Issues

As the outbreak of a novel coronavirus accelerates in China, and sporadic cases appear elsewhere in Asia, North America, Australia, and Europe, there is intense interest in the development of a vaccine, and several U.S. drugmakers have begun working on them with the National Institutes of Health. As the Wall Street Journal noted in a Jan. 30 editorial, “It took scientists 20 months to develop a SARS vaccine to test on humans, but the NIH hopes to have a vaccine ready for human trials...

Business impact widens as China fights to get infections under control By: Anjalee Khemlani, Yahoo! Finance Feb. 7, 2020 China’s deadly coronavirus outbreak continues to threaten multi-national companies, as a range of businesses from leisure to retail suffer from the outbreak’s after-effects. The number of confirmed cases in the country surged past 31,000 Friday, well beyond three times the number of cases last week. While the number of new cases daily have dipped slightly, World Health Organization officials said on Friday the organization’s not...

As the cases of the Wuhan coronavirus (formally 2019-nCoV) continue to increase, and China and other countries aggressively perform screening, isolation, treatment and tracking of patients’ contacts, demand for various essential medical items is unprecedented, and shortages have been reported. For example, American dentists, who go through large numbers of surgical masks daily, are already finding their supply chain interrupted. Ironically, most of the world’s supply of masks and respirators, along with other materials essential for health care, comes from manufacturers in...

Swiss drugmaker Novartis recently launched a lottery-style program to allocate free doses of Zolgensma, its groundbreaking treatment for children with spinal muscular atrophy (SMA), to patients in countries that haven't approved the drug. But with a $2.1 million price tag, Zolgensma is inaccessible to some patients even where it has been approved. The prohibitive cost has been a source of criticism since the drug was approved. In a letter to the U.S. Food and Drug Administration's (FDA) Acting Commissioner last August, five U.S. senators, including presidential...

https://www.youtube.com/watch?v=so744sbVJ_E Dr. Henry Miller, senior fellow with PRI’s Center for Medical Economics and Innovation, joins PRI's "Next Round" podcast to discuss the Wuhan Coronavirus. We explore a wide variety of topics related to this public health crisis, including how people get the illness and how it is being treated, how the Chinese and U.S. governments are working to combat it, the prospects for the rapid development of a vaccine, how social media disinformation is fueling the crisis, and how concerned Americans...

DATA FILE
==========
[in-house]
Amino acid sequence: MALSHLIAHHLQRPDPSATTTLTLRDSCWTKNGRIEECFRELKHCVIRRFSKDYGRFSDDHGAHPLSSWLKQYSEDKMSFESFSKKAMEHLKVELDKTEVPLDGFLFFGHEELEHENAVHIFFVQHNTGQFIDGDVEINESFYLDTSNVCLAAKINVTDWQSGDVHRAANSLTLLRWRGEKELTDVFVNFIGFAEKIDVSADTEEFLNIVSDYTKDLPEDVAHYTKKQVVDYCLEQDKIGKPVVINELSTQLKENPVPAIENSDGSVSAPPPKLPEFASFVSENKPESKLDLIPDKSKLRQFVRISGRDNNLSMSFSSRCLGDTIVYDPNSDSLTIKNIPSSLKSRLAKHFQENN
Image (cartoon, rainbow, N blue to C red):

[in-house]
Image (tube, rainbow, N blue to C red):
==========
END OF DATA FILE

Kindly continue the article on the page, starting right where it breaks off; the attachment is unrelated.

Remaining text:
The White House Council of Economic Advisors just issued a damning indictment of a House bill (H.R. 3) designed to lower drug prices. According to White House economists, the measure endorsed by Nancy Pelosi and her fellow House Democrats could prevent the development of 100 new drugs over the next ten years. CEA concluded "the threat [the bill] poses to continued medical innovation will harm American patients in ways that far outweigh any benefits." This analysis is spot-on. That's why it's so surprising that...

The outbreak of infections from a novel virus that appears to have originated in Central China has elicited a storm of commentary, much of it uninformed. Opinions have ranged from predictions of a worldwide apocalypse to dismissal of quarantines and “social distancing” as a kind of public relations stunt by the Chinese government—neither of which is likely to be true. Even at this early and rapidly evolving stage of the outbreak, science can and should inform our actions. I have what...

Trump administration officials keep searching for solutions to rising prescription drug prices, which are increasing faster than inflation. “Drug makers and companies are not living up to their commitments on pricing. Not being fair to the consumer, or to our Country!” President Donald Trump tweeted last year. However, it’s hard to know what “fair” prices are. After all, pharmaceutical research and development is expensive and high risk. Bringing a drug to market may take 10 or more years and costs, on average, more than $2.5...

Drug supply chain, pricing system reforms will slash healthcare costs, says PRI By Jeff Lagasse As the Trump administration pushes for price caps and government controls to address prescription drug prices, a new issue brief released by the Center for Medical Economics and Innovation at the Pacific Research Institute contends that reforming the complex drug supply chain and ending the current drug pricing system that overcharges patients – along with systemwide reforms – are what's needed to lower America's healthcare costs. Many proposals have been...